Advertisement

Photosynthesis Research

, Volume 140, Issue 1, pp 93–102 | Cite as

Distinct UV-A or UV-B irradiation induces protochlorophyllide photoreduction and bleaching in dark-grown pea (Pisum sativum L.) epicotyls

  • Anna Laura Erdei
  • Annamária Kósa
  • Béla BöddiEmail author
Original Article
  • 144 Downloads

Abstract

The effects of distinct UV-A and UV-B radiations were studied on etiolated pea (Pisum sativum L.) epicotyls. Emission spectra of the native protochlorophyll and protochlorophyllide forms were measured when epicotyls were excited with 360 or 300 nm light. The UV-A (360 nm) excited mainly the non-enzyme-bound monomers of protochlorophyll and protochlorophyllide and the UV-B (300 nm) excited preferentially the flash-photoactive protochlorophyllide complexes. These latter complexes converted into short- and long-wavelength chlorophyllide forms at 10-s illumination with both wavelength irradiations. As the spectral changes were very small, the effects of longer illumination periods were studied. Room temperature fluorescence emission spectra were measured from the same epicotyl spots before and after irradiation with various wavelengths between 280 and 360 nm for 15 min and the “illuminated” minus “dark” difference spectra were calculated. Both the UV-A and the UV-B irradiations caused photoreduction of protochlorophyllide into chlorophyllide. At 10 µmol photons m−2 s−1, the photoreduction rates were similar, however, at 60 µmol photons m−2 s−1, the UV-B irradiation was more effective in inducing chlorophyllide formation than the UV-A. The action spectra of protochlorophyllide plus protochlorophyll loss and chlorophyllide production showed that the radiation around 290 nm was the most effective in provoking protochlorophyllide photoreduction and the UV light above 320 nm caused strong bleaching. These results show that the effect of the UV radiation should be considered when discussing the protochlorophyllide–chlorophyllide photoreduction during germination and as a part of the regeneration of the photosynthetic apparatus proceeding in the daily run of photosynthesis.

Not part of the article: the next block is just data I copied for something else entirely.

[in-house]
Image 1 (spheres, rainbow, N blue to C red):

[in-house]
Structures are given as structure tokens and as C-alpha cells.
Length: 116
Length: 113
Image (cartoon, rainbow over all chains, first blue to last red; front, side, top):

Keywords

Action spectrum Bleaching Fluorescence spectroscopy Protochlorophyllide Phototransformation Ultraviolet light 

Abbreviations

Chlide

Chlorophyllide

Chl

Chlorophyll

Chl(ide)

Chlorophyll and chlorophyllide not distinguished

L-POR

Light-dependent NADPH:protochlorophyllide-oxidoreductase enzyme